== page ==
Tortured Gitmo Prisoner Opposes Halt of Military Commission Trial
As Spencer noted earlier, detainee advocates like the ACLU are hailing President Obama’s decision to seek a 120-day stay of the military commissions proceedings to decide what to do about the trials. However, the lawyer for Mohammed Jawad, an Afghani 17-year-old arrested five years ago for allegedly throwing a hand grenade at a U.S. military vehicle and then tortured into confessing, is objecting to any more delays.
“My position is if they want to stop the case against Jawad, they’re going to have to withdraw the charges and dismiss them. We are not agreeing to any continuance of 120 days, not while he’s languishing in segregation and going crazy,” David Frakt, an Air Force reserve major and Jawad’s military defense lawyer, just told me.
Jawad’s case is a bit different than that of the Canadian prisoner arrested as a child, Omar Khadr, or the alleged Sept. 11 masterminds, in that Jawad has already won a ruling from the military commission suppressing evidence of his confession. (Update: the judge in the 9/11 case has granted the request.) As I’ve written before, the judge ruled his confession was elicited under torture — including threats to kill him and his family. The Bush administration appealed that ruling, arguing the confession was reliable and admissible under its military commission rules — so the case is now before the court of military commission review. Frakt said the trial court no longer has jurisdiction over the case while it’s on appeal, so it can’t delay the proceedings.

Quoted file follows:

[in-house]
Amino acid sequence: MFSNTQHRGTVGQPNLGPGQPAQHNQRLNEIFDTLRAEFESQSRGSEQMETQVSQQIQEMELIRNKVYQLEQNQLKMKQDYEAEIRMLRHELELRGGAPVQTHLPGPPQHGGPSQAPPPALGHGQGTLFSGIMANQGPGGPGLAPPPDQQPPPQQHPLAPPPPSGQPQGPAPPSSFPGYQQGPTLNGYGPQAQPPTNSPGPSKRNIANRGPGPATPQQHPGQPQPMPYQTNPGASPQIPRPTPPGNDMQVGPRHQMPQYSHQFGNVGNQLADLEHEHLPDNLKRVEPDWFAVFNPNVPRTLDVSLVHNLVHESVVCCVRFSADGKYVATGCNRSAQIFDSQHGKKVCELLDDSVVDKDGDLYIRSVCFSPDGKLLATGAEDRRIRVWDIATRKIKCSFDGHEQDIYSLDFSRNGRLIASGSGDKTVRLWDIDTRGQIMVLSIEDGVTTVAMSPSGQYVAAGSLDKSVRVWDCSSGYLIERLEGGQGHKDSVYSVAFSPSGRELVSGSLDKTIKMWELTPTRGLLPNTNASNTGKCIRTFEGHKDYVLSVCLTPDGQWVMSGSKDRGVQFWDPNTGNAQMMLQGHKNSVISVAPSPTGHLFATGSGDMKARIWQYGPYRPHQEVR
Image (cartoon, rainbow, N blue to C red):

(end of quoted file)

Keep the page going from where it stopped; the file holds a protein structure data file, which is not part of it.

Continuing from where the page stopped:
“The judge has no power to order anything,” Frakt said. “So my position is that we have to wait for the appeals court to rule. And if they rule the way I expect they will — affirming the suppression of Jawad’s statement — then there’s no case. That’s basically the only evidence against him. So I think we’re on the verge of a victory in the commission. I want my client released, pronto. So I’m going to keep the pressure on, I’m not going to agree to any delay.”
Frakt may not have to. Later today, the government’s brief is due on its appeal in the Jawad case. The Obama administration could decide that rather than fight to convict a child soldier based on a tortured confession, it will withdraw the appeal. That could land the case back at the military commission, though, leaving Jawad stuck for another four months in prison while the Obama administration decides what to do about him.